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Leaving a legacy
Feb. 17, 2014
by Jenni Sebora

One year ago, my sister, Kathryn, passed away. There is never a week that goes by that something does not spark a memory and thought of her.

She was my very own cheerleader. Well, actually, I shared her with my three children. She was their biggest supporter. She was their pseudo grandmother, as their grandparents on both sides passed away several years ago. I never asked her if she would fill this role, she just did. She always did.

Every child needs someone who is biased (in their favor) and in their corner at all times. Someone who outwardly conveys that they are the best kid in the whole wide world, at least to them. Grandparents are the premier people who fit this bill.

My sister would cut out newspaper articles and pictures of my children, and then send the article with a card, letter, or short recognition note to them. This is love.

When she would attend an event or activity that one of my children participated in, it was always followed with a handwritten note about specifics of their individual participation.

She would even take notes at the concert or recital to hone in on the effort of my child. She would rewrite her notes in her beautiful handwriting and send the letters in the mail to them.

I have saved every card, letter, and note that she sent to them. I will never forget the effort and love she put into each of those meaningful labors of love. They meant as much to me as to my children.

I love to decorate for the holidays, and never a Christmas went by that she did not recognize my efforts and comment on specific décor. Her words were so genuine and sincere.

This past Christmas – our first without her physical presence – as I was decorating the trees and fireplace, and hanging stockings, her words of acknowledgement rang, not in my ears, but deeply in my heart. They will always remain with me.

March madness is upon the Sebora household, as our youngest child’s birthday is at the tail end of February.

Our other two children, as well as myself have March birthdays. (My twin brother’s is, too, of course.)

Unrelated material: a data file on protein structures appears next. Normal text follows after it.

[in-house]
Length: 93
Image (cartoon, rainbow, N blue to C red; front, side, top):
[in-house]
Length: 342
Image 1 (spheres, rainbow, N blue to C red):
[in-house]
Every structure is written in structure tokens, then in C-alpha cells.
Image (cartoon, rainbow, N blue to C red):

Never a birthday went by without a card in the mail – from my sister, of course.

Even though we would have birthday parties for my kids, which she attended, she always sent a card to them that they each received on their exact birthdate. I think I will still be looking for those cards to arrive.

If I could tell my sister the legacy she left, I would love to have that opportunity. I always told her I loved her; however, I don’t think she knew how much she meant to all of us.

It is such a testament to how we should never let an opportunity go by, to tell and show others what they truly mean to us in our lives – old advice, but always true.

My sister was quiet, and, I would say, somewhat introverted. She did not socialize a lot other than with family. She worked from home, and spent a lot of her time there.

Family was her thing. She was kind and unselfish, and always giving. She was very humble.

Because she was somewhat introverted, at least to the social world, I believe many people never knew her true self. Her family did, though, and I will always be grateful for her presence in my life.

Her legacy lives on with us. She made a difference in our lives, and that should be what living is about – making a difference in someone’s life. That is a legacy to leave, and my sister left a wonderful legacy.


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